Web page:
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Rachel Corsie: Panama and Venezuela friendlies will be a test of Scotland Women’s camaraderie following World Cup disappointment

Scotland captain Rachel Corsie speaks to her team-mates. Image: PA.
Scotland captain Rachel Corsie speaks to her team-mates. Image: PA.

It felt bittersweet to return to a Scotland camp after our World Cup qualifying disappointment last month.

We flew to Spain earlier this week, and we are based near Cadiz ahead of tonight’s friendly against Panama and Monday’s meeting with Venezuela.

There have been constant moments throughout the weeks since the play-off defeat to Republic of Ireland which have reminded me we’re not going to the World Cup.

It was the lowest point of my career. Of course there have been other difficult moments, but we had the belief we were going to get the result.

We had put so much into it. I’m not saying we deserved to win, because this is sport and nobody deserves anything before a ball is kicked – but it felt like such a big letdown.

It’s been a hard few weeks since the Ireland game, but it’s nice to be back together as a squad now everyone’s emotions have settled a bit.

Scotland Women failed to qualify for the World Cup via the play-offs last month. Image: PA.

There are a few different faces in the squad this camp as Erin Clachers, Brogan Hay and Rebecca McAllister look set to win their first caps for Scotland.

The squad is a nice blend of freshness and it’s an opportunity to try different things, but there are also plenty of experienced players returning, too.

Having the young players here has reminded all of us in the squad about what it means to play for the national team.

It has taken me back to when I was first involved with Scotland – back in 2009 – and reminded me of the growth and the journey we’ve been on as a team since then.

A good test for Scotland players old and new

Over the last 18 months, the environment with the national team has been incredibly positive and we have a really good group.

This start of this week away has been a good test for us as a unit off the back of such a challenging time.

It’s been a test for the new players who have come in with some extra nerves, but they have adapted well to their new surroundings.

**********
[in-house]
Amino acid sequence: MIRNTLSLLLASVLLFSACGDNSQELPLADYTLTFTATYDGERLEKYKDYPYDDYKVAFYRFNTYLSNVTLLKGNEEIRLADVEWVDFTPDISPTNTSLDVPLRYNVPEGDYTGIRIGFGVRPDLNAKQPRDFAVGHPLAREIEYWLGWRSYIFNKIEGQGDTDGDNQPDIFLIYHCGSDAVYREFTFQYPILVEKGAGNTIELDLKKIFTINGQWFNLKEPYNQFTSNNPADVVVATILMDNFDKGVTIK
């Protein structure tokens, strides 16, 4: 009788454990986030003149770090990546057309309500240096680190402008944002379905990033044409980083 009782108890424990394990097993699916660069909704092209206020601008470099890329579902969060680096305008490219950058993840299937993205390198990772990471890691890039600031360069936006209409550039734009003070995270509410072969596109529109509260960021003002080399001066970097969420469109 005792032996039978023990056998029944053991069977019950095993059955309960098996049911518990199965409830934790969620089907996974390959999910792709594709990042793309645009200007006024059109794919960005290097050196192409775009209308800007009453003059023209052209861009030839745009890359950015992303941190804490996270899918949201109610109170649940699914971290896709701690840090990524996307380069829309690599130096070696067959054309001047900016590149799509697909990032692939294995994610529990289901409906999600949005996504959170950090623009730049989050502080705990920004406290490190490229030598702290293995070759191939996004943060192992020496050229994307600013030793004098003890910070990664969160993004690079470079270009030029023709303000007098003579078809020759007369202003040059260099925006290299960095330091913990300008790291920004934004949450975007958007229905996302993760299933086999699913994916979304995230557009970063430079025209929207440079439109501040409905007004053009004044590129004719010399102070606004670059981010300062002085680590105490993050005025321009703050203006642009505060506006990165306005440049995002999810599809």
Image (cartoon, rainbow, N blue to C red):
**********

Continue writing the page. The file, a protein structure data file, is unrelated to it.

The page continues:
The circumstances have tested the dynamic, but I feel good about it and I think all of the players will go away having had a good experience once we return to our clubs.

We are a united squad so everyone has made sure that there’s been a good environment for all the players – which is such an important part of what we want to create here.

None of us in the current squad have played Panama or Venezuela before, so it’s difficult to know what to expect – but that could be a good thing.

It has been announced boss Pedro Martinez Losa will field Scotland’s first-ever under-23s team against Panama on Saturday, with only five over-age members of the larger squad able to participate in the match. This means the younger players involved in the camp will all get their chance to shine.

The Venezuela clash on Monday, meanwhile, will see us field a full senior side as normal.

These games are a good opportunity for us to focus on what Scotland can do.

There have been things we’ve been working this week, like creating goal-scoring opportunities, which we needed to improve on.

And, hopefully, the hard work in training will benefit us in the two matches during this camp – and when we return to competitive matches, where the margins are getting smaller every year.

There’s going to be a Euros in 2025 we’re going to do our best to qualify for and the work for that starts now with this camp.

There are going to be other major tournaments that Scotland will go to – if we trust that we can keep moving forward and utilise opportunities like we’ve had during this time together.

SWPL Cup final stage is set

We now know who will contest the SWPL Cup final on December 11 and it is not the two teams I – or other people – would’ve expected.

Hibs have struggled so far in the league, but shocked Glasgow City with a 2-1 win in the semi-final to set up a final clash against Rangers, who beat Spartans 4-0.

City had disappointing results in the cup last season and, from my time at the club, I know they’ll be disappointed again because they’re a team who want to win trophies.

And although Hibs haven’t had a strong start to the season – they’ve lost their direction a bit and are trying to stabilise themselves – the result will be massive for them.

Hibs celebrate after beating Glasgow City 2-1 in the SWPL Cup semi-final. Image: Shutterstock.

They’re a club who have a good history in the cup and have contributed massively to the women’s game over the last decade, so I hope this final will help build them back up.

As for Rangers, the final will be their first in this competition and they’ll want to get their hands on another trophy after their league title win last season.

The club have built a strong framework over the last couple of years and the elite experiences they give their players day in and day out has brought about their success.

The final will be the first-ever Scottish women’s game to be broadcast live on Sky Sports, so I hope it’ll be a close contest which showcases the best of the domestic game.

Brighton respond with nine-goal thriller win in WSL

In last weekend’s WSL fixtures, Brighton responded to the departure of manager Hope Powell with a thrilling 5-4 win over West Ham.

It’s a big statement after their 8-0 defeat to Spurs the previous week.

Brighton are a good club with good players, so will want to compete around the middle of the table.

There are a lot of clubs fighting in and around there at the moment, so beating West Ham was a really important win for the Seagulls.

Arsenal extended their run to winning run to 14 games in WSL as they beat Leicester City 4-0, which was Willie Kirk’s first game in charge of the Foxes.